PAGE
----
• The cancellation by Israeli police came soon after a Hamas leader warned that the march could lead to violence. Right wing Israelis showed discontent with the cancellation of the rally, angered that the government surrendered to Hamas’ threats.
  • Israel is currently in the process of approving a new government, which would end Prime Minister Benjamin Netanyahu’s rule. Israel lawmakers will vote by June 14th on the new government, as Netanyahu tries to block all chances of its instatement.
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All views expressed in this editorial are solely that of the author, and are not expressed on behalf of The Analyst, its affiliates, or staff.

Daily Brief

Salman Rushdie Severely Stabbed due to his Publication of the Book “The Satanic Verses”

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Salman Rushdie 2014
  • Salman Rushdie, an author, was severely stabbed in his neck and abdomen on stage by a suspect named Hadi Matar, causing him to be on a ventilator and potentially losing an eye.
  • An Iranian leader back in the 20th century wanted Rushdie killed because of his novel, Satanic Verses, that many Muslims found disrespectful. This led Salman to go into hiding for almost a decade.
  • Translators from different countries reading this book were harshly stabbed to death when the book came out and Iranian leader, Ayatollah Khomeini called for Salman’s execution for three million dollars.
  • The Iranian government has not yet responded to this issue, but many Iranians in the media claim him to be an apostate who later became an atheist.

All views expressed in this editorial are solely that of the author, and are not expressed on behalf of The Analyst, its affiliates, or staff.

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China Threatens Consequences if Pelosi Visits Taiwan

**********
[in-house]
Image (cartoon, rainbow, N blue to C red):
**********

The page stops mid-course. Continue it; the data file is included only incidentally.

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  • US House of Representatives Speaker Nancy Pelosi has landed inTaiwan. Prior to the visit, China’s Foreign Ministry has voiced their disapproval, stating that “China will take resolute responses and strong countermeasures to defend its sovereignty and territorial integrity.”
  • US Secretary of State Antony Blinken emphasized in response  that “The speaker will make her own decisions about whether or not to visit Taiwan,” and that the US is looking to Beijing to “act responsibly and not to engage in any escalation going forward.”
  • The US has made it clear that members of Congress routinely visit Taiwan and that this trip is non-threatening and has precedent. Even so, some officials have expressed concern that China may invade Taiwan’s air defense zone or send missiles near Taiwan in retaliation.
  • Pelosi has criticized China’s leadership and vocalized support for Taiwan in the past. She is currently on her tour of Asia, with scheduled visits to Singapore, Malaysia, South Korea and Japan.

All views expressed in this editorial are solely that of the author, and are not expressed on behalf of The Analyst, its affiliates, or staff.

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First Grain Ship Departs Ukraine After Six Months of Russian Blockade

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Odesa pristav
  • The first shipment of grain departed the port of Odesa on Monday after Russia’s blockade of Ukrainian ports for the last six months trapped around 20 million metric tons of wheat and corn.
  • Russia recently made a deal with Ukraine, brokered by the UN and Turkey, allowing grain exports to resume, appeasing fears of a global food supply crisis and rising prices.
  • Ukrainian Foreign Minister Dmytro Kuleba celebrated the shipment, calling it a “day of relief for the world, especially for our friends in the Middle East, Asia, and Africa.”
  • Ukrainian President Volodymyr Zelensky was more hesitant to celebrate the shipment, stating “it is too early to draw any conclusions and make any forecasts” and he wants to “see how the agreement works and whether security will be really guaranteed.”

All views expressed in this editorial are solely that of the author, and are not expressed on behalf of The Analyst, its affiliates, or staff.

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Concerns Rise As US Teeters on the Brink of Recession